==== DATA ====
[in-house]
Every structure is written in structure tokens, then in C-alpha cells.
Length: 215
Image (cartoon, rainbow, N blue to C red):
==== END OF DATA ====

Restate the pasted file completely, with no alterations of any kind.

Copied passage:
[in-house]
Every structure is written in structure tokens, then in C-alpha cells.
Length: 215
Image (cartoon, rainbow, N blue to C red):